For a billion-dollar economic opportunity, Memphis will do just about anything.
For a lot less, we gave The Pyramid to Sidney Shlenker on little more than a promise and a few architectural renderings. That house of cards collapsed in bankruptcy with $16 million in debts.
A few years earlier, we believed that we could actually build a first-class arena for $39 million, complete with "balloons at the grand opening," according to John Tigrett. The final price tag for The Pyramid was $62 million.
We chased NFL teams until it was said that we had the highest threshold for civic embarrassment in the U.S., and to prove it true, we gave the future Tennessee Titans squatters' rights at our stadium for a dismal year of football.
We ran up almost $2 billion in county debt because we were told that sprawl was economic growth. A report was deep-sixed by county government because it showed that it took 20 years for a housing development to generate enough taxes to offset the costs of the new roads and schools it required.
We accepted as fact incredulous economic impact studies, including one saying the Grizzlies' economic impact would be $1 billion and one from Agricenter International claiming more than $524 million.
We approved more tax freezes in 10 years than all other metro counties of Tennessee combined, waiving more than $60 million in property taxes, on the assertion by the Chamber of Commerce that they were indicators of success rather than the failure to create a city more competitive in an economy shifting from brawn to brain.
The tax-freeze program was so out of control that it was criticized by everyone from pro-business Forbes magazine to college researchers, and most of all by city and county governments' own consultants, who called for its overhaul in a 97-page report in December 2005.
Now, only 18 months after changes were finally made to tighten up the runaway program, economic development officials are lobbying hard to open up the tax freeze spigot again. And yet, they've been unwilling to assure local government that they will not continue to suggest that more low-wage, low-skill jobs are economic progress, although many warehouses given tax freezes paid so little that their employees were also eligible for food stamps.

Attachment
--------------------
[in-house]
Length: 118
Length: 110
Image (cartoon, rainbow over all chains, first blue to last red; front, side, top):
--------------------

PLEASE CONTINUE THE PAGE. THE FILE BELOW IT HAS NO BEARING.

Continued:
While some of the new rules for tax freezes have proven to be unenforceable and need to be refined, the imperative to reform the old tax-freeze program remains unchanged. While economic development officials complain about too much government oversight, it seems that when you go to the bank to get money, you should be prepared to play by its rules.
City and county officials are willing to consider softening up the rules on tax freezes for the Greater Memphis Chamber if it would present a 12-step program to end its addiction to them. As one elected official put it, the Chamber would be better received if it submitted a plan that shows how Memphis can transition to the knowledge economy rather than depending on the low-wage, low-skill jobs that enrich real estate developers more than real Memphis workers.
In addition, one city councilman said the Chamber should help end Memphis' overreliance on tax freezes by describing what a more effective toolbox of incentives would look like and by developing a campaign led by Tennessee chambers to get it approved by the legislature.
Meanwhile, the $1 billion economic opportunity stares them in the face. It is the impact from a one-percent increase in college attainment, according to CEOs for Cities' "City Dividends" report. It said that if the Memphis region can move the needle from just 23.7 percent to 24.7 percent for people over 25 years of age with a college degree, it could create economic activity commensurate to the highly coveted automobile manufacturing plants chased by every city in America.
In other words, all it takes is for 8,002 more people in Memphis to get college diplomas. To put that into perspective, there are 130,000 people in Shelby County alone who attended college but didn't graduate.
Surely, it is in the city's self-interest to adopt a short-term strategy aimed at getting as many of them back into college and creating a bridge that leads from community college to university graduation. After all, each percentage-point increase in college attainment is associated with a $763 increase in per capita income for the entire metro area.
There's no denying that with each one-percent improvement in college attainment producing $1 billion in economic growth, the payback is high. And best of all, it doesn't even require a tax freeze.